Publishing Date: August 4, 2015
Publisher: Doubleday Canada
Pages: 256 pages
The Premise: From the literary genius, Haruki Murakami, comes his first two written works, newly translated and put together in a combined novel: Hear the Wing Sing and Pinball, 1973. The first story, Wind, follows an unnamed narrator and his interactions with his friend, Rat and the second story, Pinball, follows Rat. Both stories deal with themes of obsession, loneliness and also what I would like to categorize as human longing. These two novels are also prequels to A Wild Sheep Chase - which is considered by some literary critics, can be seen all together as the "Rat Trilogy."
My overall thoughts and review: This is the second time I've read something written by Murakami and translated by Goossen (you can read my full review for The Strange Library here!) and I have to say once again, to begin with, that Gossen did a wonderful job translating the stories. I really felt that he accurately conveyed what Murakami wrote and it just carried the "essence" of Murakami throughout the text. When I first was reading Murakami, I searched EVERYWHERE for these early novels and was quite puzzled at the fact that they were not available in North America. So when I heard that they were releasing together and translated by a professor that I've had the pleasure of working with, I was over the moon excited.
My favorite part of the entire book has got to be the introduction. In the introduction, Murakami offers the reader an insider look on what inspired Murakami to write. My favorite passage was definitely when he was at a baseball game and realized "I think I can write a novel" - this line was so profound and definitely stuck with me throughout the entire text. The way he described realizing wanting to write as a "sensation" definitely resonated with me. Murakami also goes on to speak about his writing process and it was so intriguing about writing first in English and then "translating" into Japanese (xv). I have been working a little bit on translation studies and language from a previous class I took last semester and this introduction has definitely struck a chord with me because it offers so much insight into the translation process.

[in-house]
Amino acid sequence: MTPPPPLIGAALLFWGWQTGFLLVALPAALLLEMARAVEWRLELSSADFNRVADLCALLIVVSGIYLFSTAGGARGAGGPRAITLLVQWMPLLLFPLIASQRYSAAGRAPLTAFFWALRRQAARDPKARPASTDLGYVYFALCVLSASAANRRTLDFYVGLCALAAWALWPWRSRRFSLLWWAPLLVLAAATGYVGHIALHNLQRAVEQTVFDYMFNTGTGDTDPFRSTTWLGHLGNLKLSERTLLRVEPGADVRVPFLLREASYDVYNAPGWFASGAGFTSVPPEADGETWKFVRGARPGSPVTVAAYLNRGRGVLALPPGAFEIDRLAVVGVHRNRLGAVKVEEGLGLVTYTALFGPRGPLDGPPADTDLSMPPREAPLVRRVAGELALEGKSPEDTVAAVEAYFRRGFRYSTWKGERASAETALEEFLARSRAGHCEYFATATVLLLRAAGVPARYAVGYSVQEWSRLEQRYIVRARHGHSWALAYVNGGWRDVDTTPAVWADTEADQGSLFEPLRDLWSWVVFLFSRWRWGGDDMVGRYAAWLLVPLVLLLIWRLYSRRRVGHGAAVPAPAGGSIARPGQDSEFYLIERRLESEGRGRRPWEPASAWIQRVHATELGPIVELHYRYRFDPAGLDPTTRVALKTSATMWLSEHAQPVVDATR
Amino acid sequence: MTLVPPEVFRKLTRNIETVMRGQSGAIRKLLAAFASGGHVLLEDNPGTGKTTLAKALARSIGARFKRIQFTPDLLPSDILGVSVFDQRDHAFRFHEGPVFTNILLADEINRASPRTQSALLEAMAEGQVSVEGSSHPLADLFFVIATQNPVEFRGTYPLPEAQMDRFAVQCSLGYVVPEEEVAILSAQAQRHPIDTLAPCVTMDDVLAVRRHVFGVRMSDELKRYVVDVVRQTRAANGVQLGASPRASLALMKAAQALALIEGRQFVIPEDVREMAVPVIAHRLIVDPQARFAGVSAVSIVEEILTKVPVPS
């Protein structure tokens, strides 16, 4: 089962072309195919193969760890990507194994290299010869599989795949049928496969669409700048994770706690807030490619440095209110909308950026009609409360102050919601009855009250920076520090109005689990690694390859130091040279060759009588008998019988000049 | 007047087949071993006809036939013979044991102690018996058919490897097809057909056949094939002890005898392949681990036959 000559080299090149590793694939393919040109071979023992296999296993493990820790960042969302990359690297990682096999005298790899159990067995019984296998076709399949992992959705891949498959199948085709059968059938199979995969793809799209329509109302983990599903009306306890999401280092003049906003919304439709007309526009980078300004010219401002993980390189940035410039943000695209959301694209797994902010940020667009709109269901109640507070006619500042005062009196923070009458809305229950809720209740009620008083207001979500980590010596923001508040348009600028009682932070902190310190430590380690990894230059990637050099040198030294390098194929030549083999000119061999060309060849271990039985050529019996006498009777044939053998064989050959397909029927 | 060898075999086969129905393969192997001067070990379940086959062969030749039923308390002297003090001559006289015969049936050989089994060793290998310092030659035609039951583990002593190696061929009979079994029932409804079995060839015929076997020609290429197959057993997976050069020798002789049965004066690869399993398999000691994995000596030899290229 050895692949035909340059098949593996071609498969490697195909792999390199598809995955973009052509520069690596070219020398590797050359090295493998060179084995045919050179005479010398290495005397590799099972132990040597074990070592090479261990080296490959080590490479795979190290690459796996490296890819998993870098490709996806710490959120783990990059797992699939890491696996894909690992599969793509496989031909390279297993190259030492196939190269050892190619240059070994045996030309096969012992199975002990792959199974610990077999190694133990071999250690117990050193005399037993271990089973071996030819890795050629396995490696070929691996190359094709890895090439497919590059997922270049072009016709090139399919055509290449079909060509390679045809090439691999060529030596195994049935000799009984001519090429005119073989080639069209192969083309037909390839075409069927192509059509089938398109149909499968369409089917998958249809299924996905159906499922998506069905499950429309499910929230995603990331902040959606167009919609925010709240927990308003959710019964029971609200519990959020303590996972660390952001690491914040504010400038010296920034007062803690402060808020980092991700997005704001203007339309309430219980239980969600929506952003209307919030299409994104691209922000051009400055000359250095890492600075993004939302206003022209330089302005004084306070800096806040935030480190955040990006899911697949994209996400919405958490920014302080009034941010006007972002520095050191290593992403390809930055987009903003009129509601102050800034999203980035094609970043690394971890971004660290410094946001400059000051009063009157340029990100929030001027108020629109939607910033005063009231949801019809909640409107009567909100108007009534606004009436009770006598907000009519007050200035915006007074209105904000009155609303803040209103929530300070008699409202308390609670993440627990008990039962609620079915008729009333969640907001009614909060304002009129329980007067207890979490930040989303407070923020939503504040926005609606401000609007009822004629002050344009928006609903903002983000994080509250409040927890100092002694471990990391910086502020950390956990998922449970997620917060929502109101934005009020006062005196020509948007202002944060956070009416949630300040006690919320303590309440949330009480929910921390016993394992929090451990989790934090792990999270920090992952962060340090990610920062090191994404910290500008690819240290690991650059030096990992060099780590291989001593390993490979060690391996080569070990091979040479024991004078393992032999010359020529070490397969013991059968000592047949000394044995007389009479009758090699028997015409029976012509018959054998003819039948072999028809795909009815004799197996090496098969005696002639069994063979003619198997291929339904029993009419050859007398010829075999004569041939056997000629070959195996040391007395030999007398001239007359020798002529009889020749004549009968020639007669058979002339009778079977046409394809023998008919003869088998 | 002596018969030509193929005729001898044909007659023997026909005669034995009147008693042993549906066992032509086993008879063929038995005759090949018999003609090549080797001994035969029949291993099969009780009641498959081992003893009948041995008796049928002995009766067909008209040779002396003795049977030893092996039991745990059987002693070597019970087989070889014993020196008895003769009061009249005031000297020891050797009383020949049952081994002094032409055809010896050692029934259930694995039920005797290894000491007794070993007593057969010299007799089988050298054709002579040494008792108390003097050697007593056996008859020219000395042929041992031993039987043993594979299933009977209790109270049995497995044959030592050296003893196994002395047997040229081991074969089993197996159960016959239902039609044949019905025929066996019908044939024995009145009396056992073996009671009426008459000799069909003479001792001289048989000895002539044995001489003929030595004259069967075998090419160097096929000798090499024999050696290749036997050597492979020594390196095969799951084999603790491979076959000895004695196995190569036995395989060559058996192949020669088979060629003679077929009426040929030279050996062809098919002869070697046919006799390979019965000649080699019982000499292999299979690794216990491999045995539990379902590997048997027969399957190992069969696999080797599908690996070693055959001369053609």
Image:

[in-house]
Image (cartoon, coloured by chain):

Anyways, I am getting sidetracked and not offering my thoughts fully on the two stories. I have loved Murakami for a very long time and I think it can be said that he is easily my favorite contemporary writer. Seeing the "beginnings" of his writing style develop in these two early novels was definitely something I enjoyed and something off-putting at the same time. Not in a bad way of course, but it allowed me to see fully how his style has developed over time. It also made me extremely appreciative of where his writing style has come to now. I really enjoyed that Murakami used an unnamed narrator and it was so easy to "slip" into the mind of the protagonist and follow along. I also really enjoyed how mysterious the character Rat was at some moments, and how other moments, he was like an open book. I mentioned in the premise that he touches on themes of obsession, loneliness and my personal favorite: human longing. For human longing, I really enjoyed how he touched on how desire was intertwined with loneliness and sometimes it is just simply "longing" for that sake and not necessarily a particular individual. He also touches on themes of change/changing and how it moves quite rapidly with time and I think that is fitting for the book because the two novels offer an insider look on how Murakami's writing has changed over time, but has also remained the same in many ways over time. This was a wonderful read and I simply LOVED it! I can't wait to read the next book - A Wild Sheep Chase (again) now with some additional context on the Rat character. I think this will definitely be a treat for fans of Murakami. And for those that are not familiar with him, this is definitely the place to start.
My rating of the book: ✮✮✮✮✮ (5/5 stars)
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Disclaimer: An advanced reader's copy of this book was sent to me by Penguin Random House Canada for consideration/review. All opinions are my own.